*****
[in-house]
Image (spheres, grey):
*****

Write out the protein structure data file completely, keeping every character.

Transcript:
[in-house]
Image (spheres, grey):